New York State is providing a $249,000 grant to fund United Way of Long Island's Power Up! Wind, Solar & Renewables program, to train a new, culturally diverse green-energy workforce.
United Way launched the program in 2022 with an initial $250,000 grant from Bank of America. The program combines classroom learning with on-the-job training to develop a labor force in the burgeoning solar, wind and related green-energy fields.
United Way of Long Island is one of 14 recipients of $7 million in new funding announced by Gov. Kathy Hochul last week, through the state Office of Strategic Workforce Development, to support the training of more than 3,700 workers "through collaboration between training providers and more than 100 employer partners in fields like advanced manufacturing, renewable energy, and construction," the state said.
In a statement, Hochul said the workforce office will "support the needs of New York's businesses while providing resources to training programs that are removing long-standing barriers to the training and skills necessary to thrive in the workforce of the future." The office made $6 million in workforce development grants last year.
The agency is making "smart and strategic investments in programs that will provide New York State's workforce with the tools they need to succeed in an ever-changing business climate," Hope Knight, president and chief executive of Empire State Development, said in a statement.
The 50-hour Power Up! training curriculum covers technical, functional and "soft skills that will lead to employment in the renewables and green-construction sectors," United Way said when the program was announced in 2021.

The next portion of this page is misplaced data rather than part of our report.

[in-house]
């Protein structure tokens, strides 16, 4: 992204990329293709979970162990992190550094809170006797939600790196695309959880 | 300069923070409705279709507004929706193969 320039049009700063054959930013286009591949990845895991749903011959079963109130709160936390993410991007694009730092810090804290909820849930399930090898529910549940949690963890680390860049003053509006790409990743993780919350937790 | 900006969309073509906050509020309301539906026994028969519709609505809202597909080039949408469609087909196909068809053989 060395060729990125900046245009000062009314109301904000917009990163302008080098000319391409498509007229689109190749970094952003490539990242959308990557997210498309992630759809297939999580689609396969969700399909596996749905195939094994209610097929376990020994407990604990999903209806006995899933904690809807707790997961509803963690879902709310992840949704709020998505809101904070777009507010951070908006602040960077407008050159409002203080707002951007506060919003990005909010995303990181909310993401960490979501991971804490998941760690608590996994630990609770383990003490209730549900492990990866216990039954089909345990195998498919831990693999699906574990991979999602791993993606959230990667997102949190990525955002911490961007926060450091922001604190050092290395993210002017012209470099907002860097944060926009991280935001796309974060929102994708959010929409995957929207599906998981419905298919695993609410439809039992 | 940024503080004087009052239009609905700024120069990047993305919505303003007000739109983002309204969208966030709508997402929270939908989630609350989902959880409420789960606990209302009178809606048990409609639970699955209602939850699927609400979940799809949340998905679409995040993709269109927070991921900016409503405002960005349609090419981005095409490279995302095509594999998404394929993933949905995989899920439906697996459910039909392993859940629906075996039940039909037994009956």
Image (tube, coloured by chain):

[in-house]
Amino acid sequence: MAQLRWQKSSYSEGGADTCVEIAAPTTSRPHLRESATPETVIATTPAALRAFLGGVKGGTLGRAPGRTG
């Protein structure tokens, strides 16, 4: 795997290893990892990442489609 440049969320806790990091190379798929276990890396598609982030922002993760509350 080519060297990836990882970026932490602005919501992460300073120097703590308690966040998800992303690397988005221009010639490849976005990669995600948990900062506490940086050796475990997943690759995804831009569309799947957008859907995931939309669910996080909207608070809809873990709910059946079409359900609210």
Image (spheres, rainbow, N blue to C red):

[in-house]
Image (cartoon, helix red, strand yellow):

With the program’s first-year Class of 2022, 115 Long Islanders have completed the curriculum and training, and another 150 will complete them in 2023, United Way said, adding the program seeks to train the unemployed and veterans as well as youth entering the job market.
Power Up! graduates are proficient in the installation of clean heating and cooling technologies, solar panels, electric-vehicle charging and the benefits of renewable energy, United Way said. Some 40% of graduates are already in the workforce, according to the organization, and "on the way to financial stability and careers in the energy industry through connections made in the workforce program."
"Two years ago, Bank of America’s initial grant helped advance our mission focus and strategy to create career pathways in the offshore wind, renewable/sustainable, smart grid and green construction industries,” said Theresa Regnante, United Way of Long Island's president and chief executive officer. “Power Up! is an example of all the good that comes when labor, industry and government work together to benefit all Long Islanders.”